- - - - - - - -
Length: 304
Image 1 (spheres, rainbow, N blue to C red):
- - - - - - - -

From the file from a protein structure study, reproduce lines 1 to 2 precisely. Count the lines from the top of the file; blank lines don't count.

Length: 304
Image 1 (spheres, rainbow, N blue to C red):